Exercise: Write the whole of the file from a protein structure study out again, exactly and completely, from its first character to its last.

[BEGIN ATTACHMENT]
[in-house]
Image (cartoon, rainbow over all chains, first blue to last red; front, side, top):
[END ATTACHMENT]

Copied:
[in-house]
Image (cartoon, rainbow over all chains, first blue to last red; front, side, top):